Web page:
What is the distinction in between the over adverbial modifier of place and "IN the picture" if any?

In "Games for Vocabulary Practice" by Felicity O"Dlutz-heilmann.info and Katie Head (Cambridge,2003) I have actually come across this expression more than when reading the guidelines for running tasks, e.g. "Student B preoften tends to be the perboy ON the picture".

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The normal point is "in the picture" as

In the photo we see Edinburgh Castle.

In English a photo is seen as a space; and also a landscape, in fact, depicts a room and subsequently you say: "In the picture we see a hilly countryside with a river and green meadows through lamb and in the background tbelow is a little village."

In other langueras a picture or painting might be viewed not as room, but as a room, and "on the picture" is offered in Gerguy.


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When describing the world or points which appear in a photo, we use "in".

If you were to use the expression "on the picture", it would certainly the majority of likely be to describe somepoint that was not part of the photo originally, yet is currently on it.

"Your coffee cup is sitting on the picture!""I left out the crayons, and my toddler attracted on the image you left. So sorry!"

ETA: In North American English, the instance you offered would be ungrammatical. I check out the book was publimelted in England, though. Perhaps it is thought about an acceptable building there.


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edited Oct 28 "14 at 16:24
answered Oct 28 "14 at 12:50
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michlutz-heilmann.infoemichlutz-heilmann.infoe
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I have never heard the expression "on the picture" to suppose "among the things|persons recorded by the electronic camera here". For that interpretation, it is always "in the picture".

Who is this perboy in the picture?

One can say "shown on the picture" to suppose "which shows up in this image".

Point to the stselection expansion of foliage, shown on this image, which you think to be the gangster"s camouflaged hideout.

One deserve to create an essay around a paint or photograph or movie, and say that one was composing an essay "on the picture", i.e. "around the picture".


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edited Oct 28 "14 at 13:22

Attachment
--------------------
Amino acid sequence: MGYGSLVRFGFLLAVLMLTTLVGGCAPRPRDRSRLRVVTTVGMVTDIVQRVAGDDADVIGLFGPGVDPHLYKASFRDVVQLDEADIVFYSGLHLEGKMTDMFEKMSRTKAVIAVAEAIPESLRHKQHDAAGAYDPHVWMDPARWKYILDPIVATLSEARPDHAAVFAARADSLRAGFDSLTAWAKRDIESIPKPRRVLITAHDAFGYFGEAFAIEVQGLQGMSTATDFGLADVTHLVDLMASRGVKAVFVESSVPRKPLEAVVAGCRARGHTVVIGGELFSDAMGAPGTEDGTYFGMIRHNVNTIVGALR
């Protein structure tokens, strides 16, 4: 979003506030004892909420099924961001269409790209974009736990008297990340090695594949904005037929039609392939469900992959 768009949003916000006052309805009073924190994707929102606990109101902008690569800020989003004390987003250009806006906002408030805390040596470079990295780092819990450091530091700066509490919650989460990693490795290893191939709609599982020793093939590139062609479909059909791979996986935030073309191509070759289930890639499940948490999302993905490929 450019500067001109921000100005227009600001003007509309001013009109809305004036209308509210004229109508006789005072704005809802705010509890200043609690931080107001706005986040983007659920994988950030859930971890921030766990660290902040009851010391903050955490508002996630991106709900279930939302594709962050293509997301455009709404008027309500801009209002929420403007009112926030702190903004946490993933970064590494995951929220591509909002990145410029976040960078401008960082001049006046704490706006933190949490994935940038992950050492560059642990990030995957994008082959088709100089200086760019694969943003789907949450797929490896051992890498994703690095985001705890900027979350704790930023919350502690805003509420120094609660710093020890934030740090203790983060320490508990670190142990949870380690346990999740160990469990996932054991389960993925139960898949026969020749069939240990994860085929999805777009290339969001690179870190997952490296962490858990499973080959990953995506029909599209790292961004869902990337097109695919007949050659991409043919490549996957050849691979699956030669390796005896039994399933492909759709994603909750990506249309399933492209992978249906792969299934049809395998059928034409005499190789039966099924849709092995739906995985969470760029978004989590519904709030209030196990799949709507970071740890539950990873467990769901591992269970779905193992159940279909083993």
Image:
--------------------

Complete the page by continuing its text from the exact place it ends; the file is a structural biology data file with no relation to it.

answered Oct 28 "14 at 12:21
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TᴚoɯɐuoTᴚoɯɐuo
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This is the very same in British English as in North Amerideserve to English, so the example sentence is ungrammatical - the explacountry offered by michlutz-heilmann.infoe applies equally to both.

As a aboriginal speaker, I would assume that this is not strictly a grammatical error (interpretation the author believed it was correct), but a typographical one (definition the writer did not notice their mistake). Since you cite seeing it more than when I would suspect a copy/pasting error.

(It might seem odd for this to be missed by the editor, however these points do occur.)


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answered Oct 28 "14 at 16:55
NyeNye
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Unit 8 Describing peoplethe instructions reads

Warm-up

1 Give each pair of students an envelope containing a collection of picture cards and also ask them to spread them out in front of them. Choose a photo and pretfinish to be the person on the picture. Describe yourself in 5 sentences without discussing your name. E.g. I have actually fair hair, not dark hair. I am a woman. My hair is short, not long. I am wearing __ , and so on After 5 sentences, ask students to guess that the person is.

<...>

Main activity

Give each student an envelope containing a set of photo cards. Students then play in their pairs. Student A puts all their pictures face up on the table. Tlutz-heilmann.info Student B to choose one image from their own envelope and look at it without reflecting it to Student A. Student B pretends to be the perchild on the image.

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The expression “... on the picture” as it is used is grammatical in its conmessage. It is short for on the photo card. The writer has actually omitted card from the sentence because it was pointed out in the instructions: a set of image cards

Tbelow are various other instances once making use of on with picture, or image would fit in a teaching setting.

Focus students" attention on the photo.Student B must emphasis on the picture, and also describe it to their companion.Student A sticks the pets wright here they desire on the image.Student B privately draws a residence on the photo. (Although "in the picture" would certainly be more idiomatic)